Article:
Below is a list of things to happen in the social networking world:
Videos, a better way to tell stories
For a social network to reflect your true personality, it has to be more than a place to dump news pieces or daily rants. It has to be personal, contemporary and genuine. Photos and videos are great media that reflect your true self. A picture is in fact worth a thousand words. What’s great about Snapchat, the uncontested leader of the video category, is that it’s undeniably a superior way to express stories. Teenagers love it, and soon adults will follow as well. Facebook takes this new battleground seriously too; profile pictures as looping videos is one example.
Real-Time Out, Temporary In
Just like real-time was once the biggest theme of the social networking world, which was introduced by Twitter and then copied by Facebook, temporary is today’s new big theme. This time it was introduced by Snapchat. If 17-year-olds are of any indication to the future of social networking, people no longer want their posts to appear online permanently. This is the catalyst for time-limited posts, and they are gaining importance.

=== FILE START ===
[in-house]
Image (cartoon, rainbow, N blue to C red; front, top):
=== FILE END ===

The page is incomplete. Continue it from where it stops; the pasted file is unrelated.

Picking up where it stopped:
The future of social networking will be contextual
When Google came up with its own Google+, the idea was to kill Facebook with Circles — a fancy name for context. It didn’t work for a lot of reasons, but mainly because creating a new social graph from scratch is no easy feat, even for Google. But the importance of context is real. People have been shifting towards instagram and whatsapp because for many, Facebook is no longer a place for close friends. LinkedIn has been consistently doing a great job in the professional context, and there are many more emerging in categories such as neighborhoods (Nextdoor), classrooms (Edmodo), workplaces (Yammer), gyms (GymGroups) as well.
The fact that (i) Facebook’s response to the context problem, Friend Lists, has never caught up with the mainstream, (ii) auto friend lists has not been up to par with expectations, (iii) Groups is Facebook’s achilles heel with its engagement lagging behind other Facebook properties, may be indicative that there will not be a single social networking product to encompass all contexts of our social life, but there will be many with different looks and functions.